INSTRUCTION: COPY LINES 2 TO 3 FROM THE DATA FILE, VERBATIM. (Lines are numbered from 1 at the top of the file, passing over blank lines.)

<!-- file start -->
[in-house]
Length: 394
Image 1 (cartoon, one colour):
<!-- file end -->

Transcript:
Length: 394
Image 1 (cartoon, one colour):